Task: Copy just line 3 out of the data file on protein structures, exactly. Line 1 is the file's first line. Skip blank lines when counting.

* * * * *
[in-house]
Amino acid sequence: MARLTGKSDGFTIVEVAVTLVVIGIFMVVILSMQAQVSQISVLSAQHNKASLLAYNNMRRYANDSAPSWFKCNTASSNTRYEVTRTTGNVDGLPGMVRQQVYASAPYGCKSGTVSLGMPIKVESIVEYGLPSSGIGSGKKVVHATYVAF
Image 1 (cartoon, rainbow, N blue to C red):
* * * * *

Image 1 (cartoon, rainbow, N blue to C red):